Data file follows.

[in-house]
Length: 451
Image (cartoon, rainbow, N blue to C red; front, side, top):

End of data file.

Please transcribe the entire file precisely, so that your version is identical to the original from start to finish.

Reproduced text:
[in-house]
Length: 451
Image (cartoon, rainbow, N blue to C red; front, side, top):